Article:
The story of a good day of discovery for big and small, on the search for a pair of Peregrine Falcons.Read More
Its been a year since our first trip to the Outer Hebrides in the Winter of 2017, where we recorded the sounds of Julie Brook's fascinating Firestacks. Six months later in the Summer of 2017, we were lucky enough to revisit this stunning corner of the world, on a follow-up assignment; this is a brief account of the experience.
The main focus of these field recording trips is to document the life-cycle of the Firestack; from building, to firing, to extinction, as well as its environment. An important perspective that Julie has always been keen on capturing is the underwater one - what does it sound like under the surface when the tidal waves engulf the Firestacks?
On the first trip we had the privilege to work with a pair of Ambient ASF-1 Hydrophones, which we absolutely loved. The second time round we used a H27S Stereo Hydophone from Monkey Sound - an artisan contact mics manufacturer based in Spain - as well as our old faithful JrF D-Series Hydrophones. The H27S caught our attention because it comes in one casing. Given the rough seas we faced the first time round, it seemed like a practical feature in terms of retrieving the mic planted in the Firestack after the tide has covered it (Firestacks are around 1.5 meters tall at their highest point). These clips give you an idea of the colour and stereo field of this neat, relatively new, hydro-mic on the market.
These are cold long days in a remote bay on the Western-most part of Lewis, and that's what makes it so special. There is practically no shelter, the nature is bare and the exposure to the elements constant. There is virtually no noise pollution, very little chatting between the crew and so the day becomes mostly a long introspective moment. It's a positive experience - you are immersed in the surroundings, constantly active, albeit completely still a lot of the time. The hours fly and before you know it (plus a 40-minute hike) you are back at the bothy, lighting the fire and regaining your extrovert self with the help of a dram of Scotch whisky.
Without a doubt one of the most inspiring assignments we have had the pleasure to work on so far, looking forward to round 3!
What's the most inspirational recording or filming location you have worked in? We'd love to hear your stories, especially if the location was free from noise pollution or on the contrary extremely noisy - you can leave us a comment below.
Next week I’ll be travelling to a remote location on the Outer Hebrides of Scotland to record the sounds of Julie Brook’s captivating ‘Firestacks’, above and underwater. A very exciting project in many ways, not least for the quality noise-pollution-free time I will be having but also because I get to use arguably the best underwater microphone in the market: Ambient Recording's ASF-1 a.k.a The Sound Fish.
I received the microphone yesterday and went straight to the closest water feature to give it a test. I will say straight away that I was blown away by the quality. From feel to looks it is apparently clear this is a superior piece of kit. It ships with a default (thick) 10m long cable and I also got a 50m one as the location I'll be recording in is subject to high tides.
To a Field Recordist, the opportunity of hearing something you’ve never heard before or just hearing it like never before, is the ultimate reward. The ASF-1, with its low noise and wide frequency response, enables just that. My experience with underwater recording so far always left me with a feeling that something was missing. Frequencies mainly but also the sensation that water was an adverse and somehow inaccessible medium for sound. This hydrophone completely removes all those barriers. It gives, allow me the pun, a fully immersive experience. Here's a few downloadable samples:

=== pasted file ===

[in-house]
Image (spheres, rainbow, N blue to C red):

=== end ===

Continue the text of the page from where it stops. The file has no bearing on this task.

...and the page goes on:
To sum up, in case it wasn’t clear enough: I’m completely sold. And if I had the money I’d get it straight away, times two. The total cost including underwater accessories would circle around £1500 per mic, so for the moment we’ll stick to renting it from these lovely people.
PS - a short comparison A/B file with the JrF D-Series Hydrophones can be downloaded here - I'll let you draw your own conclusions.
Soundscape field recording from Punta Tombo, Chubut Province, Argentina (44.0454° S, 65.2235° W). Punta Tombo is a 3.5km long, 600m wide peninsula into the Atlantic Ocean, host to the largest colony of Magellanic penguins in the world, with over 200.000 breeding pairs.
In the 1960s the Wildlife Conservation Society (WCS) and Province of Chubut Bureau of Tourism began working together to protect the wildlife of the region. In 1979 Luis and Francisco La Regina donated 210 hectares of their sheep-ranching land to form what is now the Punta Tombo Provincial Reserve (source: http://www.penguinstudies.org/argentina). The penguins arrive here in late September (early spring) and stay until April, protecting their eggs and raising their chicks for the next migration.
I got the chance to visit this wonderful place back in 2010. There weren't many visitors around so I got plenty of quiet time to soak it all in and get a few memorable sound recordings. This nature reserve is well run, with educational information boards about the penguins, their habitat and other animals living here such as gulls, cormorants, rheas and guanacos. The infrastructure is basic, consisting of a wooden walkway that keeps human footprint (literally) to a minimum. Penguins cross your path as they go from the nest to the beach and back. It's all very friendly and there is a real emphasis on respect and conservation, which leaves you feeling assured that these amiable creatures have a safe space to grow and multiply.
Designed For Sound | May 2016 Recap
Focus on the outstanding soundtracks of three French films: Delicatessen (1991), MicMacs (2009) and Zidane: A 21st Century Portrait (2006).Read More